Since the size of gear needed for severe conditions is seldom carried in stock, particuarly if your boat is 30' or longer, it needs to be ordered to be received well before it is needed... not just anchors, but rope, shackles, anti-chafe gear, and all of the other paraphernalia that may be needed for it to be used.

This gear should be assembled and deployed ahead of time, making sure everything that is needed is present, and that its assembly and deployment, even retrieval, works as planned.

Big enough and hefty enough gear is not as expensive as is gear bought that proves to be too small, or too light. Inadequate gear, in addition to costing money to buy, also then costs more money, money that needs to be spent on repairs, not only to the boat, but if it broke loose, for the damage it probably caused to other property too. In the long run, it is probably cheaper to get "more than big enough" gear and get plenty of it, not to mention the peace-of-mind that it gives.

We do not place getting to a "protected" anchorage at the top of our list; at least not as most think of it.

The farther away and the more protected from the winds and seas the better, but we found that there are more pressing concerns when picking an anchorage, than "protection" from the wind and seas (though that can't hurt).

If well founded, properly outfitted and well anchored or moored, most boats can handle the wind, and even the seas that are produced by severe weather. Usually it is the other boats that are "making due", that create the problems.

So we first look for an anchorage that, if it has other boats in it, we can get up-wind of them. If a choice is given, we'll chose up-wind in the second half of the storm, not the first.

We've vetoed many anchorage because of boats being there, or more likely, because of the manner in which some of the boats, and in one case barges, were moored. This we do even though we usually end up subjecting ourselves to winds or seas that we may have otherwise avoided.

In one storm, we veto a well protected cove and, instead, anchored in a area that had over 10 miles of fetch. This storm had over 24 hours of hurricane force winds, more than six of those over 120 knots.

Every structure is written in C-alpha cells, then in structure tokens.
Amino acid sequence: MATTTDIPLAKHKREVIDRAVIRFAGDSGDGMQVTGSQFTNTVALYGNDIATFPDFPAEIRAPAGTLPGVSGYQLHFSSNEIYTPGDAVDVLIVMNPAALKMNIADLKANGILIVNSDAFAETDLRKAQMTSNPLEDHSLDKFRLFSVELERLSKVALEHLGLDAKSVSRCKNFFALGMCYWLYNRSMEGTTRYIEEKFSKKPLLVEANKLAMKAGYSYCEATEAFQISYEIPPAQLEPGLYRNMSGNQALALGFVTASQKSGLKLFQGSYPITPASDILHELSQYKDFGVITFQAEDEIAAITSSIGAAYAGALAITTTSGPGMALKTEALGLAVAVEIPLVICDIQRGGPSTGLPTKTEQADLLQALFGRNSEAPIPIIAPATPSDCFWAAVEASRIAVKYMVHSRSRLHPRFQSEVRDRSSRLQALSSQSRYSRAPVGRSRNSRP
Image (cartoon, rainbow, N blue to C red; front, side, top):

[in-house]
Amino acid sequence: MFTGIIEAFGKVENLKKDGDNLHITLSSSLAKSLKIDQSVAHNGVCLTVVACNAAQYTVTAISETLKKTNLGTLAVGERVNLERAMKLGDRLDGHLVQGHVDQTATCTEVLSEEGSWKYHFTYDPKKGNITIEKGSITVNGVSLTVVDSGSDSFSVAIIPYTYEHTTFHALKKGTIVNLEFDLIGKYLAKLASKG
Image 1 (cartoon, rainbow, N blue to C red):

We did okay, but when we went back to check on the places we vetoed, many boats were damaged by other "anchored" boats, several by the barges that were spudded there, which by the way, disappeared during the storm.

So when it is all over and done with, the discomfort that we subject ourselves to is far outweighed by the greater safety we get from staying away from poorly anchored/moored boats.

We've seen so many variations on weather that precedes hurricanes, that we've come to the conclusion that there is no predictable pattern to expect prior to the hurricane showing up. Therefore, we always plan to arrive at our anchorage at least two days ahead of time, which also allows us to prepare at a more leisurely pace.

For the tornado that we went through, nothing could have been done, as its quick appearance negated any time for preparation. However, since we are in the habit of using hefty lines routinely, this wasn't too big of a deal.

For the flood, we picked a place where we were out of the flow, the boat could rise with the water, and the lines could be adequately adjusted. We also made sure that we picked a location that had a grocery store within reach, for we knew that we'd be stuck there for awhile, and we were. Arrangements to get on our storm anchor, if needed, were made, but fortunately never had to be carried out. My, oh my, the size of trees that flowed by at 8 knots!

Well, this didn't address heavy snow falls, since we haven't, nor do we wish to have any experience with them.

To date, no Catagory 4 or 5 hurricanes, earthquakes or tsunamis; and, Jill says she'd prefer not to add them to our resume; me too!

Hopefully there may be a few gems that can be gleaned from this.

Rudy and Jill
Briney Bug
Panama City, Florida